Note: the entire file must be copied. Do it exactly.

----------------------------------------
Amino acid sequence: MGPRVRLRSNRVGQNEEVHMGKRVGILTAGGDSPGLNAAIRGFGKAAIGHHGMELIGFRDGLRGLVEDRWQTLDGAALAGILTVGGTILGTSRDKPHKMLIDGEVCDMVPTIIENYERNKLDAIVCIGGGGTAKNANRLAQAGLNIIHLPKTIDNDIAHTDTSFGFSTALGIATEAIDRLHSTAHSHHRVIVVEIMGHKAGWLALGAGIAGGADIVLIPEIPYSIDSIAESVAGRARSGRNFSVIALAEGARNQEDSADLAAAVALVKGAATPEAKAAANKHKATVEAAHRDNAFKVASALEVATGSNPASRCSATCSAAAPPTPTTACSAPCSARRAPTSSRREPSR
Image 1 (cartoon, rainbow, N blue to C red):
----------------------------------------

Amino acid sequence: MGPRVRLRSNRVGQNEEVHMGKRVGILTAGGDSPGLNAAIRGFGKAAIGHHGMELIGFRDGLRGLVEDRWQTLDGAALAGILTVGGTILGTSRDKPHKMLIDGEVCDMVPTIIENYERNKLDAIVCIGGGGTAKNANRLAQAGLNIIHLPKTIDNDIAHTDTSFGFSTALGIATEAIDRLHSTAHSHHRVIVVEIMGHKAGWLALGAGIAGGADIVLIPEIPYSIDSIAESVAGRARSGRNFSVIALAEGARNQEDSADLAAAVALVKGAATPEAKAAANKHKATVEAAHRDNAFKVASALEVATGSNPASRCSATCSAAAPPTPTTACSAPCSARRAPTSSRREPSR
Image 1 (cartoon, rainbow, N blue to C red):